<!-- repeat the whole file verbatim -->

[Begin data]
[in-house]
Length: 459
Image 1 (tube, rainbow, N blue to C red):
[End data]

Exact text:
[in-house]
Length: 459
Image 1 (tube, rainbow, N blue to C red):